With The Queen’s Platinum Jubilee celebrations fast approaching, brands all over Britain are racing to get a slice of the royal pie.
But, playing into current Royal Family events in your products and marketing is a dangerous game – one which several well-known brands have fallen foul of in the past. Here are the the five regulations you’ll need to watch out for as a company when referencing Her Majesty’s 70-year reign.
Don’t mention the Royals in your marketing
In celebration of the Jubilee occasion, The Queen has approved a temporary relaxation of the usual stringent rules regarding mentioning the Royals on memorabilia. Platinum Jubilee souvenirs are now allowed to use photographs of the Royals provided they meet copyright requirements and comply with official Royal regulations.
However, strict rules remain when discussing the Royals in other scenarios such as marketing materials. Members of the Royal Family should not be shown or made reference to in marketing communications without their prior permission, which you are unlikely to receive except in special cases such as “where the event or place is of outstanding importance or a national event or there is a close Royal association” (gov.uk). Ryanair’s press ad featuring a photograph of Prince Charles with the headline “Prince’s secret revealed!” was taken down by the ASA for not seeking permission to use the photograph of Prince Charles in the campaign – despite the photos being taken at a public event.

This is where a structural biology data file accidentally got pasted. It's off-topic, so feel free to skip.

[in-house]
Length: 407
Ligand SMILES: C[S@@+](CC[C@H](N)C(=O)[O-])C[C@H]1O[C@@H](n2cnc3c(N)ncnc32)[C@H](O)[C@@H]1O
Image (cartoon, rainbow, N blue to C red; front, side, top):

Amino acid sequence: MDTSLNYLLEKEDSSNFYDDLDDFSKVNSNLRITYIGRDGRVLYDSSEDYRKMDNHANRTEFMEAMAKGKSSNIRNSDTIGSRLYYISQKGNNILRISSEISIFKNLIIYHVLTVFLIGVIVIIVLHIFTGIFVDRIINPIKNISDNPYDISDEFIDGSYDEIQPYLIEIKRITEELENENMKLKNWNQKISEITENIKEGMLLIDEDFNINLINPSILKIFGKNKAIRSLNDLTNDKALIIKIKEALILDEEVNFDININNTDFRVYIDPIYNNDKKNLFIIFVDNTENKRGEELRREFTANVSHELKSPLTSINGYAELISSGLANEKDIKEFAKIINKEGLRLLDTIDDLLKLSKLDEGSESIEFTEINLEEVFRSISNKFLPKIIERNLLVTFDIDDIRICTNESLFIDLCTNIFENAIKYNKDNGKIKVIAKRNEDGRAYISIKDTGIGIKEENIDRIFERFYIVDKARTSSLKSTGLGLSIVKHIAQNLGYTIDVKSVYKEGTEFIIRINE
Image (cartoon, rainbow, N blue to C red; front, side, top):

The Advertising Standards Authority acknowledges that there may be certain cases where incidental references may be permissible, for example reference to a book about the Royals. Meanwhile, many companies have successfully utilised the Royal Family in their marketing through indirect references, such as this Warburton’s advert upon the birth of Prince George which avoided direct mentions of the Royals.
Don’t imply Royal endorsement – directly or indirectly
If you do make mention of the Royal Family, make sure you stray on the side of caution, as associating your brand products or event with Royal approval could lead to action being taken. Irish property developer Hagan Homes were forced to remove adverts featuring Prince Harry and Meghan Markle with the tagline “fit for part-time royalty” due to the implication of endorsement and for failing to gain permission to use photographs of the couple.
Rules for using Royal Arms and Emblems
The use of Royal Arms and Devices is permitted for souvenirs related to the jubilee event, providing they are in good taste, free from any form of advertisement and carry no implication of Royal Custom or Approval. These items must also be permanent in nature, i.e. made from a “semi-destructible material”, and must be “specially made for the occasion”.
Outside of these circumstances, however, the Royal Arms and Emblems are not to be used “in connection with any trade or business”, as outlined by the Trade Marks Act 1994. The Royal Family’s official guidelines state that this also includes emblems “which are so similar as to be calculated to deceive” – meaning you can’t create emblems which may be confused with the Royal Arms, the Royal Crown and other official devices. This applies regardless of context and includes satirical settings and non-marketing communications used by brands.